In certain advanced design PWR's, there are employed both reactor control rod clusters (RCC's) and water displacer rod clusters (WDRC's). WDRC's function as a mechanical moderator control, all of the WDRC's being fully inserted into association with the fuel rod assemblies, and thus into the reactor core, when initiating a new fuel cycle. Typically, a fuel cycle is of approximately 18 months, following which the fuel must be replaced. As the excess reactivity level diminishes over the cycle, the WDRC's are progressively, usually in groups, withdrawn from the core so as to enable the reactor to maintain the same reactivity level, even though the reactivity level of the fuel rod assemblies is reducing due to dissipation over time. Conversely, the RCC's are moved, again in axial translation and thus in a telescoping relationship relative to the respectively associated fuel rod assemblies, for control of the reactivity and correspondingly the power output level of the reactor on a continuing basis, for example in response to load demands, in a manner analogous to conventional reactor control operations.
The DRDM and RCC adjustment mechanisms have corresponding control shafts, or drive rods, which extend through the respective head extensions, flow shrouds, and calandria tubes and are connected to the respectively associated spiders mounting the clusters of RCC rods and WDRC rods, and serve to adjust their elevational positions within the inner barrel assembly and, correspondingly, the level to which the rods are lowered into the lower barrel assembly and thus into association with the fuel rod assemblies therein, thereby to control the activity within the core.
As alluded to above, after a period of operation of a nuclear reactor, it is necessary to be able to access and replace the spent fuel assemblies with fresh fuel assemblies. During this operation, it is necessary to remove the reactor vessel closure head. Since the RCC's and WDRC's are attached to their respective drive mechanisms which are mounted on the reactor vessel closure head, it is expedient to disconnect the RCC's and WDRC's from their corresponding drive mechanisms before removing the reactor vessel closure head while maintaining the RCC's and WDRC's in the nuclear reactor core.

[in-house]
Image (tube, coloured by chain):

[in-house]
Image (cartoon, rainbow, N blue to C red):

The ability of leaving the RCC's and WDRC's in the nuclear reactor core during refueling may be achieved by providing a disconnect mechanism between the various control and displacer rods and the rod drive mechanisms. One such disconnect mechanism is disclosed by Roman et al. in U.S. Pat. No. 4,147,589,commonly assigned herewith. In Roman et al., there is described a control rod assembly for a nuclear reactor having a remotely disengageable coupling between the control rod and the control rod drive shaft. The coupling is actuated by first lowering then raising the drive shaft. The described motion causes axial repositioning of a pin in a grooved rotatable cylinder, each being attached to different parts of the drive shaft which are axially movable relative to each other.
Other hydraulic drive mechanisms with a latching feature are described by Veronesi in U.S. Pat. No. 4,439,054 and Veronesi et al. in U.S. Pat. No. 4,550,941, both commonly assigned herewith. The former uses a drive mechanism and the latter pressurized reactor coolant to raise a flexible spear past a pivoting latching mechanism. The latches use a biasing mechanism and pressure equalization respectively to permit the drive rod to move downwardly into contact with the pivoting latching mechanism. While Roman et al., Veronesi and Veronesi et al. describe mechanisms for disconnecting a drive mechanism from a reactivity control mechanism in a nuclear reactor, there remains a need for an alternative and simpler mechanism for effecting such a disconnection.
It is therefore an object of the invention to provide locking machanism for a DRDM which is reliable in operation and mechanically simple and sturdy. It is a further object of the invention to provide a simple, alternative latching mechanism which eliminates the need for displaceable, pivoting members, deflection spears and the like.
These, as well as other objects and advantages of the present invention are realized by providing a rod latch for a presurized nuclear reactor having a rod disposed in a rod housing having one end thereof selectively exposed to a relatively low pressure zone of the reactor and another end in communication with a relatively high pressure zone of the reactor. The rod has disposed at one end a valve member and the rod housing has disposed therein a corresponding valve seat. A control valve is provided for selectively establishing communication between the rod housing and the low pressure zone of the reactor whereby a pressure differential is created across a piston disposed on said rod adjacent the valve member sufficient to seat the valve member against the valve seat.
Preferable, the valve member is in the form of a truncated, cone-shaped element and the valve seat is in the form of a generally complementary shaped, truncated, inverted cone whereby the valve member and valve seat sealingly engage along a line of contact to establish a pressure boundry.
A method of operation is also disclosed.
The invention will become more readily apparent from the following description of a preferred embodiment thereof shown, by way of example, in the accompanying drawings wherein:
FIG. 1 is a partial, cross-sectional view, in elevation, of a nuclear reactor;